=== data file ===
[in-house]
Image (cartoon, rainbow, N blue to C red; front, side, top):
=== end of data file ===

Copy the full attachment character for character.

[in-house]
Image (cartoon, rainbow, N blue to C red; front, side, top):